ACOP EJOURNAL STATEMENT ON FINANCIAL DISCLOSURE AND CONFLICT OF INTEREST
All authors are required to disclose all financial and nonfinancial relationships related to the manuscript’s subject matter. All disclosures must be included in the title page of the manuscript. Authors without financial or other relationship to disclose must indicate that on the manuscript’s title page (eg, “None of the authors have any potential conflicts to disclose”.)
Examples of relationships and affiliations that must be disclosed include:
- Reimbursements, fees, funding, salary, or grants received for the current study or related studies
- Patents, stocks, or shares owned on a product or related company that was used in the study
- Royalties received from a product that was used in the study
- Employment by or honoraria received from an institution or other entity whose product is used in the study
- Stock ownership or options in that institution
- Involvement in that institution’s speakers’ bureau
Conflict of Interest
- Leadership position in a group directly or indirectly related to the current study
- Any nonfinancial affiliation with an institution or other company that may benefit from the opinions or data in the current study
- Service on a formulary committee that determines whether to select the product in a study or similar products
ACOP EJOURNAL STATEMENT ON HUMAN AND ANIMAL RIGHTS
All research must be completed with an appropriate ethical framework. Research studies involving human or animal subjects (the trial’s design, conduct, and reporting of results) must conform to Good Clinical Practice guidelines (eg, Good Clinical Practice in Food and Drug Administration (FDA)-Regulated Clinical Trials) and/or to the World Medical Association (WMA) Declaration of Helsinki and must be approved by an appropriate ethics committee. A statement detailing this (including the name of the ethics committee) must appear in all manuscripts detailing such research. If the study was granted an exemption from an institutional review board or other ethics committee, this must also be detailed in the manuscript.
Additionally, a statement affirming that prior informed consent (written or verbal, as appropriate) from each participant in any study that used human subjects must be included in the manuscript.
Research involving experiments on animals must include description of whether the institutional and national guide for the care and use of laboratory animals was followed. Experimental research on vertebrates or any regulated invertebrates must comply with institutional, national, or international guidelines, and should be approved by an appropriate ethics committee. A statement detailing compliance with guidelines and ethical approval must be included in the manuscript.
ACOP EJOURNAL STATEMENT ON INFORMED CONSENT
Consent: For all research involving human subjects, informed consent to participate in the study should be obtained from participants (or their parent or guardian in the case of children under 18 years of age) and a statement to this effect should appear in the manuscript. Authors should identify individuals who provide writing assistance and disclose the funding source for this assistance.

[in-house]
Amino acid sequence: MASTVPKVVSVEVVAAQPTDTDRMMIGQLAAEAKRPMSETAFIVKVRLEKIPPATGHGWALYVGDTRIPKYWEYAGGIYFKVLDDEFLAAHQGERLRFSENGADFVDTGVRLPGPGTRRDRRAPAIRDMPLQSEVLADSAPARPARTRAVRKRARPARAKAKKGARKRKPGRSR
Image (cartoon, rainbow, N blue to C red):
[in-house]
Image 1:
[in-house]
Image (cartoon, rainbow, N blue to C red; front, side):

Consent for publication of individual patient data: For all works that include details, images, or videos relating to individual participants, written informed consent for the publication of these must be obtained from the participants (or their parent or legal guardian in the case of children under 18 years) and a statement to this effect should appear in the manuscript. A consent form must be made available to the Editor(s) on request and will be treated confidentially. In cases where images are entirely unidentifiable and there are no details on individuals reported within the manuscript, consent for publication of images may not be required. The final decision on whether consent to publish is required lies with the Editor(s).
Patients’ right to privacy should not be infringed upon without informed consent. Identifying information, including patients’ names, initials, hospital numbers, or other identification numbers, should not be published in written descriptions, photographs, or pedigrees unless the information is essential for scientific purposes and the patient (or parent or guardian) gives written informed consent for publication. Informed consent for this purpose requires that a patient who is identifiable be shown the manuscript (including all images, videos, etc) to be published.
Identifying details of all patients and persons described in a study should be omitted if they are not essential. An informed consent should be obtained if there is any doubt of complete anonymity (eg, masking the eye region in photographs of patients is inadequate protection of anonymity). If identifying characteristics are altered to protect anonymity, such as in genetic pedigrees, authors should provide assurance that alterations do not distort scientific meaning and the authors are responsible to notify the editors in such instances. When informed consent has been obtained it should be indicated in the published work.